company to its existing shareholders in proportion to the
number of shares already held by them.
Bank (10%)
Merchant Bank (25%)
Institutional Investors (20%)

Company

Parent Co. (20%)


Individual Investor-X (5%)
Individual Investor-Y (10%)
Individual Investor-Z (10%)

Issue of Fresh shares


in proportion to their share holding

Existing Share
Holders

Book Building
Book building is a process wherein company hire some merchant
banker or issuer house which further invites bids from investors
between a range of share price.

Company

Stock Brokers
Or
Merchant Banker

Investors

Bonus Shares
Issue of bonus shares does not result in raising of fresh capital. It is
process of conversion of dividends, and other reserves into share
capital.

Bank (10%)
Merchant Bank (25%)
Institutional Investors (20%)

Company

Parent Co. (20%)


Individual Investor-X (5%)
Individual Investor-Y (10%)
Individual Investor-Z (10%)

Issue of Fresh shares


in lie of their dividends

Existing Share
Holders

Stock Options
Stock option is a process wherein company
issue its shares only to its top executives.
Finance Manager
Marketing Manager

Company

HR Manager
Labour Union
Board of Directors

Money Market
Call money market is important segment of money market
from where borrowing and lending is done for a short time
period ranging from overnight to fortnight.
Call Moneywhen money is lent or borrowed for overnight.
Notice Moneywhen money is lent or borrowed more that one day
and upto fourteen days.

Treasury Bills
Treasury bills are the promissory notes or a kind of
financial bill issued by RBI on behave of central
government with discount for a fixed period, not
extending beyond one year.
TBs are issued with a promise to pay the amount stated
therein to the bearer of the instruments.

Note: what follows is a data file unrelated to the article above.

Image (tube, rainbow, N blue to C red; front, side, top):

TBs are issued on discount basis.

Periodicity of TBs14 days TBs, 91 days TBs, 182 days TBs, 364
days TBs.

Commercial Papers
Commercial papers are debt instruments
issued by corporates for raising short term
resources from the money market. CPs
are unsecured debts-no provision is made
behind the CPs.
Corporates having approval from RBI are
eligible to issue CPs.
CPs are issued on interest/discount basis.

Certificates of Deposits
A certificate of deposit is a marketable document
of title to a time deposit for a specified period.
CDs is a receipt given to the depositor by a bank
or any other institution entitled to issue CD.
A CD is issued at a discount and it is negotiable
instrument.

Regulation of Indian Financial


Market
Regulation of Money Market
Money market is that market from where capital can be
raised for short time period.
Reserve bank of India (RBI) is the statutory body which is
authorized to regulate the Indian money market.

Regulation of Capital Market


Capital market is that market from where capital can be
raised for long time period.
Securities and Exchange Board of India (SEBI) is the
statutory body which is authorized to regulate the Indian
capital market.

Euro Market/International
Market
Euro market refers raising capital from international market
by issuing the financial securities denominated in the
foreign currencies.
These financial securities which are denominated in the
foreign currency are commonly called euro issue. Some
of the euro issues are:
ADR (American Depository Receipt)
European Depository Receipt)
Global Depository Receipt)
Foreign bonds
Euro bonds

International Bond Investing


Bonds are a debt instrument which are issued for a certain